3 kids dressed in superhero capes
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Digital is my new superhero.

Yes Digital. Faster than a speeding human, more powerful than a legacy system, able to innovate business challenges in a single bound. Digital can change the course of mighty data rivers and bend industries in its bot hands. With Digital by our side, we fight our battle for truth, justice and market domination.

But wait, just how new, innovative and powerful is digital, really?

Digital Is New, Again

Much like my hero, Superman, whose iconic TV show intro I just shamelessly co-opted, digital was born a long time ago. In fact the first digital wave started in the 1930s.

The authorities at the Oxford English Dictionary tell us that the term digital moved to significance with the work of mathematicians and engineers that led to the development of a new type of computing machine — a machine that operated upon data as a series of discrete digits. “Such data (and so any machine making use of it) was hence said to be digital,” says an OED blog post about the word digital.

These digital machines heralded a computer boom — the first digital revolution — that began in the 1950s and saw its share of heroes, including several dynamic duos, as it progressed.

Digital History (as Told by the Flash)

IBM and DEC (Digital Equipment Corp.), grew to dominate the market for business and research. Then in 1968, Noyce and Moore founded Intel, beginning the digital miniaturization revolution and setting Moore’s Law into action (as captured in this great CBS Sunday Morning video). Through the late 1970s, digital computers and electronics started to become sufficiently compact and inexpensive to be suitable for personal computing and home use. In 1977, two of our modern tech superheroes, Jobs and Wozniak, launched the Apple II and fueled the personal digital revolution.

At about the same time, researchers began to assemble the “network of networks” that became our modern internet. This pathway for the digital information age took on its current recognizable form in the 1990s, when computer scientist Tim Berners-Lee — IMO the digital revolution’s answer to the all-powerful yet unassuming J’onn J’onzz of the Justice League — invented the World Wide Web.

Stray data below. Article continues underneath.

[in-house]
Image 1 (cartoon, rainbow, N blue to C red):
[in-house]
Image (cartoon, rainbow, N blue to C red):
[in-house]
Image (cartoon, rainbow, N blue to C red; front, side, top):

A bright future for our digital universe lay ahead. And through subsequent waves of digital growth and invention, we would reach what could be said to be our latest digital revolution — a digital-infused way of life.

Related Article: The Future's Always Clear in Hindsight: A Cautionary Tale for Information Professionals

Digital Inspires Our Lives

Now digital permeates all aspects of our lives. But the precog in my Legion of Superheroes, Nicholas Negroponte, first speculated about the “radically new culture” that was emerging at the important intersection of humans and digital in his 1995 best seller “Being Digital.”

As founder of MIT’s Media Lab and later as a Wired investor and contributor, Negroponte celebrated the digital revolution as he examined the frontiers of digital technology and its impact on the future of human social life, work, entertainment and commerce. He developed the Media Lab into the preeminent computer science laboratory for new media and championed the human-computer interface as an early proponent of intelligent digital agents.